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Aides to Gov. David Paterson deliver stacks of veotes to the legislature. Photo: Karen DeWitt
Aides to Gov. David Paterson deliver stacks of veotes to the legislature. Photo: Karen DeWitt

New York gets a look at Governor's vetoes?all 6,681

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Governor David Paterson vetoed nearly 6,700 spending proposals passed last week by the state legislature. As Karen DeWitt reports, the Governor's actions slashed more than $500 million from the state budget.

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Karen DeWitt
NYS Capitol Correspondent

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Several aides to the governor trudged up and down the stairs in the Capitol, their arms laden with stacks of documents two feet high as they delivered the veto messages to the Senate and Assembly. The governor had spent 7 hours over a two-day period personally initialing or signing every single veto--and even provided a live web stream. Morgan Hook, Paterson's communications director, says the dramatic signing was not a negotiating tactic.

"He is not negotiating on these vetoes," said Hook. "They have been delivered, at this point, to the legislature."

The $525 million in vetoes includes $419 million in school aid, several million in additional funding to colleges, universities and student aid programs, and numerous individual member items requested by state lawmakers for their districts. Among them are money for museums, libraries and civic organizations.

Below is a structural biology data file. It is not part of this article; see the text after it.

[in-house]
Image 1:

Paterson still wants the legislature to approve a contingency plan if some federal Medicaid monies, known as FMAP, don't materialize. He also hopes for a new plan for setting tuition at SUNY and CUNY and a property tax cap. His spokesman says the legislature should act on those items because they represent a responsible fiscal choice, not in the hopes of receiving some member items.

The Senate also needs to finish the final budget bill before the spending plan can be declared complete. No time has been set for a return. Until then, state lawmakers will not receive their paychecks which have been withheld since the budget deadline was missed on April 1.  Hook says that while the governor does not yet plan to call a special session to force the Senate to complete its work, he may do so in the future.

Leaders of the legislature say they are "disappointed." Assembly Speaker Sheldon Silver in a statement says the governor "chose to renege on funding commitments" for groups that care for the children, elderly and crime victims and did not spare the schools from "devastating cuts."    

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